The Turing Test was created at a time when computer science was in its infancy. Compared to the computer systems that are in circulation now, Turing was using a basis of low powered computing to determine intelligent computing. The test was designed to find out if a computer can convince a human that it is responding with human-like answers.
To begin the test, there are three people who are separated in three different rooms. The main component of the test is the human judge. The human judge is there to communicate with the other two people. They will communicate with the judge using some type of text messaging system. This type of system is used to remove the auditory biases that would have occurred using the computer auditory sounds of Turning’s time. Even with the progress made with spoken computer systems such as Apple’s Siri, computers are still not able to process speech the same way as a human. The test was for the human and computer to answer questions asked by the human judge. If the judge could not tell the contestants apart, then the computer was viewed as intelligent. The reasoning behind the test is sound, but when trying to decide if the computer is as intelligent as a human, there are aspects that are missing.
An intelligent being is tough to define. There are various levels of intelligence around the world. A system designed to use language can help fracture the intelligence level of its contestants. If a computer is programmed to use a certain dialect, it could sway results of the tests in either direction. There are certain dialects that give the false perception of lower intelligence. If the human judge speaks in a southern accent or dialect and the computer was programmed in the same dialect or accent, then it would give a connection between the two. Say the other contestant speaks a northern dialect or accent or even worse English as a second language, then the human judge might read the actual human answers as having less intelligence. Using language as the device being judged, there are just too many variables at play. If a computer has reference to a dictionary, it is already at an advantage for answering vocabulary questions. If the human judge would ask a question using a word that was not familiar to the actual human, the human would be at a distinct disadvantage.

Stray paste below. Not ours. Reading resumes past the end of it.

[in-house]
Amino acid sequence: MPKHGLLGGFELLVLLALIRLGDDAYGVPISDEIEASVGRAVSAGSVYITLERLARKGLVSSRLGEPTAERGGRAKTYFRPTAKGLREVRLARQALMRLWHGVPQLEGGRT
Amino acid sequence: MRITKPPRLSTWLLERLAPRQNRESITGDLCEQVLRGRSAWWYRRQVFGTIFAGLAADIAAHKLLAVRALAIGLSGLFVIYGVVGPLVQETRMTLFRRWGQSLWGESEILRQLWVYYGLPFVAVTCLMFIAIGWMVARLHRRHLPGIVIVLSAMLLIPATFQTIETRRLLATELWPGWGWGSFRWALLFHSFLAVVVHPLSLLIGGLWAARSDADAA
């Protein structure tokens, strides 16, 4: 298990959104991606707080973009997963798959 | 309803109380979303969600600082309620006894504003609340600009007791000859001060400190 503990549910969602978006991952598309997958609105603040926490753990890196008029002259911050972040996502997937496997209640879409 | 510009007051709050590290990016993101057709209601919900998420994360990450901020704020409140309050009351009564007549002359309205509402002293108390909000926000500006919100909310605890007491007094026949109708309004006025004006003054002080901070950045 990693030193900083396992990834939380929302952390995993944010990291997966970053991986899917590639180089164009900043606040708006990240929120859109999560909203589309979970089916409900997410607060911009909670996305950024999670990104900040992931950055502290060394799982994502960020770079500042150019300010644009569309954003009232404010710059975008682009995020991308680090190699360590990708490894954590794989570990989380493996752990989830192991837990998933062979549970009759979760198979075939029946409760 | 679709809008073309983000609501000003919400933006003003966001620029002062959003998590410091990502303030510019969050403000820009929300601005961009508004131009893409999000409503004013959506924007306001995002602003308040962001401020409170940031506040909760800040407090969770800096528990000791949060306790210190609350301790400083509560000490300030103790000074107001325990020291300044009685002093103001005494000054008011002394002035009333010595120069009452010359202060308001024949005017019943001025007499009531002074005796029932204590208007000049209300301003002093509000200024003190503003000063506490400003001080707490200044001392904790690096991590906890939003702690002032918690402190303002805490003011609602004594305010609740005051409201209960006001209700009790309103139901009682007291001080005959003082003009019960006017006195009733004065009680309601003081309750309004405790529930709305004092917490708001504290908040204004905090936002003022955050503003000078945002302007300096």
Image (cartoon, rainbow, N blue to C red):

This carries over into the actual line of questioning. In Turing’s time, having a computer answer simple questions would be considered quite revolutionary. Now with the advances in technology, it would take quite an intense questioning session to fool an actual human judge. People all over the world interact with computers every day and rely on them to complete personal tasks. If a human trusts a computer to give directions using GPS all over the world, they are going to be skeptical on some of the answers in a question session. I would not be surprised at all when asking a random math question, such as 3728/42*32/3, if a computer could answer that question correctly immediately. I would expect a human to not be able to answer that question. Would that prove that a computer is more intelligent than a human?
The type of questioning that a computer would not be able to answer would be ones that involve feelings. I could ask the participants to tell of a time they were scared, why did they become scared and how they felt when they were scared. The computer answer would not be as elaborate as the human answer because they do not have feelings. They do not know what it is like to be scared. The computer would also lack the reasoning skills to tell a story. If a computer was programmed to answer these types of questions, it may come close to answering in a reasonable way. The missing parts would be ways of reasoning. Could a computer tell a complete story in a reasonable way with emotions? The emotions are what make the story real from a human perspective. The human knows what it feels like to be scared. Their heart rate will rise due to an external stimuli. The computer might know that detail but I doubt it would be able to put a story together with the stimuli and connect them in a reasonable way. Questions about feelings would ultimately be slighted against the computer and in favor of a human.
In conclusion, Turing’s test would have been revolutionary for his time. There are inconsistencies now as computers have increased memory and processing time so that they are extremely efficient in answering certain types of questions. They can answer math questions much quicker than an actual human. There have even been computers that answer simple questions better than humans in a gamelike setting such as Jeopardy. The computer just doesn’t have the reasoning skills to answer questions about feelings. These extend into human experiences. Computers do not have senses so they do not have actual experiences. These are the biases created by the Turing test.